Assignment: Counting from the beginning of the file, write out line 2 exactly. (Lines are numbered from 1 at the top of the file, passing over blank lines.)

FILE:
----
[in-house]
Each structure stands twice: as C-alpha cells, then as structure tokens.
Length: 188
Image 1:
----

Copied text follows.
Each structure stands twice: as C-alpha cells, then as structure tokens.